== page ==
Here’s how it goes. Academics are employed by university departments, and university departments require funding to continue employing them. The funding available depends on the number and level of the publications produced by the department, and is subject to continual review, so “publish or perish” is not so much an in-house exaggeration as a reality. There’s nothing particularly wrong with that; bakeries make bread, factories make widgets, and universities make research papers. Then again, if a factory makes more widgets than the market needs, we can simply choose not to buy them. But if universities produce an unnecessary amount of research papers, we quickly find ourselves drowning in footnotes telling us that, if we really want to understand Paul or Isaiah or John, we desperately need to read Von Hottentot, Der Glaube und der Heilsgeschichtewissenschaftlehrezeitgeist (Berlin: de Gruyter, 2010), which probably retails at over £100. Books and articles can be produced because that’s what secures funding and career progression, and not necessarily because something needs saying. And when you have limited time and a limited budget, that can get a bit annoying. Not for nothing did the philosopher say that of the making of many books there is no end (Ecc 12:12).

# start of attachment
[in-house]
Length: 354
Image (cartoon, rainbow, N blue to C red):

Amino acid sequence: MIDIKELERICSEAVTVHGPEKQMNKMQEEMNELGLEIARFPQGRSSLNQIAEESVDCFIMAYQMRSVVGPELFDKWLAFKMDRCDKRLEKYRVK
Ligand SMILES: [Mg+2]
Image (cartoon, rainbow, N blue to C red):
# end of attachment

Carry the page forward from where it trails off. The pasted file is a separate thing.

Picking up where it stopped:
A corollary of this is the pursuit of novelty, and originality, as ends in themselves. I happen to think that requiring originality of researchers is a very good idea, which prevents the academic literature from becoming even more voluminous; but if the primary objective of a journal article, or of a doctoral thesis, is originality rather than faithfulness, then it’s easy to see how biblical scholarship could become driven by what is new, creative and fresh, rather than by what is accurate, faithful, and God-glorifying. (Spend a session or two listening to some of the papers at a Biblical Studies conference, and you’ll soon see what I mean; I heard one last year on how Paul’s famous “I put childish ways behind me” was part of a “developmentalist discourse”, and meant that he didn’t know God as intimately as he used to. They’re not all like that, by any means, but enough of them are to make you want to take a long walk off a short peer review.) Career advancement requires originality, even if the text you’re studying was interpreted correctly in the fourth century, or during the Reformation (which, let’s face it, a lot of them pretty much were). At times, that makes for some rather implausible proposals being put forward at great length by people who may well know, deep down, that their new idea is probably wrong.